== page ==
But then another new league, also called the American Football League, was about to be formed. Ralph Wilson almost put a team in Miami, but chose to place it in Buffalo. The Bills were reborn in 1960, and finally joined the NFL through the 1966 merger.


There will be plenty of football items for the visitors – numbering more than 50 a few days before the start – to ponder during their stay in Buffalo. It starts on Friday with a tour of the Buffalo History Museum Resource Center on Forest Ave. Then the sessions move to the History Museum. It opens with three familiar speakers – Booker Edgerson, Eddie Abramoski and Ed Rutkowski. All three will join journalist Tim Graham for a panel discussion.

“They’ll ask a lot of questions,” Tranter said about the membership. “It will be very interactive.”

Later in the night, PFRA member Brian Marshall will talk about the legendary Cookie Gilchrist. Marshall will concentrate on Gilchrist’s time before arriving in Buffalo; Gilchrist turned pro right out of high school, but had to play in the CFL before the American teams would sign him.

Then Joe Ziemba will follow with a discussion of the relationship between the Chicago Cardinals and Buffalo.

“Joe authored a book about the Chicago Cardinals,” Tranter said. “The Cardinals played nine games in Buffalo between 1938 and 1958. Five were in the regular season and four were in preseason. … In 1940, there was a strong rumor that the team might move to Buffalo. But George Halas, who supposedly hated Buffalo, wouldn’t let it happen.”

On Saturday, proceedings open in the morning with some introductions and business discussions. Then the highlight of the weekend for some arrives – an appearance by Thurman Thomas.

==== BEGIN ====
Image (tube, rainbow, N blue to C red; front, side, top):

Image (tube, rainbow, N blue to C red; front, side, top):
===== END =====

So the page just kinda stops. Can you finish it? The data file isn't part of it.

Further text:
“It’s really nice to have him there,” Tranter said. “When we were in Green Bay, the two players who came were Zeke Bradkowski and Bob Long. They were well-known players but not Hall of Famers.

“It’s set up so that the Friday night theme is the 1964-65 champions, while Saturday revolves around the Super Bowl teams.”

Ex-Bill Joe Bock and retired Bills’ executive Denny Lynch will be speaking about their football experiences from there. After a tour of the History Museum and the showing of a documentary about Ralph Wilson, members will gather for the PFRA Quiz Bowl. It will be very tough to stump that crew.

The schedule closes in style on Sunday morning with a tour of New Era Field.


The members certainly will celebrate the release of their second book, a collective effort involving several different individuals.

“We did a book on the ’66 Packers as part of our visit to Green Bay,” Bozeka said. “We’ll have the official release of a book we did on the 1958 Colts at the convention. We’ve planned two more as part of a series on the great teams in football history. In 2021 we’ve have a book on the ’51 Rams. Then in 2024, we’re doing the ’64 Buffalo Bills. It will be the first AFL team to be profiled, and we’re looking forward to that.”

The PFRA has been around since 1979, so this is its 40th year. It has 371 members in seven countries, and about 50 of them are planning to be in attendance. As you might have guessed, interest in old-time football tends to lean toward the male gender.

“In Green Bay, I think there were two women there,” Tranter said. “I don’t know how many there will be this time.”

The cost to attend the weekend’s events is $40 for members and their spouses, and $90 for non-members. But for those who are interested but don’t want to pay full price, Bozeka has a money-saving idea.

“They can go to, and join our group,” he said. “It costs $35 to join, and then it’s another $40 for the convention. But you have to do it by Thursday night.”

Members receive six issues per year of the PFRA’s research magazine, “The Coffin Corner.” The latest issue contains stories on such subjects as Walter Payton’s 1977 season, and an all-half-decade team for pro football from 1915 to 1919.

(Follow Budd on Twitter @WDX2BB.)